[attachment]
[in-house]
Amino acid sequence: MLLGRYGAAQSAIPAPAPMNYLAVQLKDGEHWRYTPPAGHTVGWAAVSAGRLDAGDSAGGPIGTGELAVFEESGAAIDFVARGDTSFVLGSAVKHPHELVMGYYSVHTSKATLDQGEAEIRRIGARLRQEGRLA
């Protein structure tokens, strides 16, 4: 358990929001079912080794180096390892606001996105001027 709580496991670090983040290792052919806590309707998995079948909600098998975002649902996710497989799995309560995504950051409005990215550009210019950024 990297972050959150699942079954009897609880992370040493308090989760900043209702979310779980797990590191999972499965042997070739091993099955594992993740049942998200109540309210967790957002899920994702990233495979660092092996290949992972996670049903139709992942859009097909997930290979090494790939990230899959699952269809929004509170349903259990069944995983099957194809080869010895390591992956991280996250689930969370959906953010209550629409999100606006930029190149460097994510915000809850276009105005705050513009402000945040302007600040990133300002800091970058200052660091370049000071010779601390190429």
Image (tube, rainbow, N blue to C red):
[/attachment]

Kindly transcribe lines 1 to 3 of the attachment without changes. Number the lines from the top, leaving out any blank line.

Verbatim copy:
[in-house]
Amino acid sequence: MLLGRYGAAQSAIPAPAPMNYLAVQLKDGEHWRYTPPAGHTVGWAAVSAGRLDAGDSAGGPIGTGELAVFEESGAAIDFVARGDTSFVLGSAVKHPHELVMGYYSVHTSKATLDQGEAEIRRIGARLRQEGRLA
């Protein structure tokens, strides 16, 4: 358990929001079912080794180096390892606001996105001027 709580496991670090983040290792052919806590309707998995079948909600098998975002649902996710497989799995309560995504950051409005990215550009210019950024 990297972050959150699942079954009897609880992370040493308090989760900043209702979310779980797990590191999972499965042997070739091993099955594992993740049942998200109540309210967790957002899920994702990233495979660092092996290949992972996670049903139709992942859009097909997930290979090494790939990230899959699952269809929004509170349903259990069944995983099957194809080869010895390591992956991280996250689930969370959906953010209550629409999100606006930029190149460097994510915000809850276009105005705050513009402000945040302007600040990133300002800091970058200052660091370049000071010779601390190429």